Spiegelman in his middle years stands informally outside a university buidling in academic robes.

In Search of Sol Spiegelman

Circulating Now welcomes guest blogger Susie Fisher who brings us this post highlighting her work with NLM’s archival collections for American Archives Month. Dr. Fisher is an academic teaching faculty-member for the M.A. Program in Biological Thought at The Open University of Israel. Her article “Not just ‘a clever way to detect whether DNA really made RNA’: The invention of DNA-RNA hybridization and its outcome” on Sol Spiegelman, based on research at the NLM, was recently published in Studies in the History and Philosophy of Biological and Biomedical Sciences.

Sol Spiegelman in lab with pipette, ca. 1965 Courtesy of the University of Illinois at Urbana-Champaign Archives
Sol Spiegelman in lab with pipette, ca. 1965
Courtesy of the University of Illinois at Urbana-Champaign Archives

Fly 9000 miles, really? Just to examine a historical collection at the NLM? Well, the editor seemed quite insistent and The Open University of Israel forthcoming. So I arrived in Bethesda on a sunny but freezing winter day in January to have a look at Sol Spiegelman’s papers. Unlike the weather, the reception at the library was warm and welcoming and the personnel were very helpful and efficient. My particular interest was Sol Spiegelman and Ben Hall’s invention of DNA-RNA hybridization. This technique had, during the 1960s, a powerful impact on the theory and discourse of molecular biology. Since the mid-1970s, it has become a core component of many DNA technologies that have revolutionized the study of biology.

Although I had found online at Profiles in Science several original documents of Spiegelman, the real measure of his scientific enterprise and recognition was revealed to me in 95 boxes full of Spiegelman “material.” I was surprise to see how much his work was appreciated both by the scientific community and the public. This is far from what one can gather from reading traditional histories of molecular biology. For example, the renowned scientist Salvador Luria, in an interview published in the Boston Globe pointed out Spiegelman’s contribution to the new field, but even more interesting, on the clipping itself, he wrote: “A small effort to set the record straight! And happy New Year! Salva.”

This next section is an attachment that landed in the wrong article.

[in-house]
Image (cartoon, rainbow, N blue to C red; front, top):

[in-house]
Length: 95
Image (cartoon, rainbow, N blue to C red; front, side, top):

Newspaper clipping, hand annotated with "A swell effort to set the record straight! And Happy New Year! Salva."
Boston Globe, Dec. 30, 1967, annotated by S. E. Luria
Sol Spiegelman Papers, NLM, MS C 561 Box 1, folder 12

Playboy Magazine surprised me with an article that described the new field of molecular genetics specifying Spiegelman’s contributions to it. The cover page of the article is a prescient vision of the potential of the new genetics. It suggests that molecular genetics could be used to revolutionize biology and improve humankind (eugenics). Another major accomplishment of Spiegelman and his team, during the 1960s, was the isolation of a viral enzyme which they used to make, in-vitro, copies of the virus’s RNA. The finding generated much excitement and was described by one newspaper as creating “life in a test tube.”

A fellow historian of biology once told me that Spiegelman was disappointed not to be awarded a Nobel Prize. I noted this in an article that I submitted for publication. However, one of the peer reviewers thought that my claim needed better support. Luckily I came across a note by Spiegelman in which he indeed contemplated the possibility: “If the Nobel committee for Chemistry considers that this award should be made primarily for the development of the RNA:DNA molecular hybridization and for the implications to biology of these macromolecular interactions, then may I respectfully suggest that the committee consider the possibility of making this award jointly to Professor Paul Doty of Harvard University and Professor Spiegelman of Columbia University.”

It is beyond the scope of this brief note to detail everything I found in the Spiegelman collection: a thank-you letter from President Nixon for heading a national cancer committee; newspaper clippings describing what was probably the first biological patent ever; documentation of his dedication to the future career of his former students; and much more.

So yes, it was definitely a worthwhile and most stimulating trip to NLM. I hope to make further use of the fascinating items that I found in this collection.

To celebrate American Archives Month Circulating Now is highlighting NLM’s archival collections with several posts this October.

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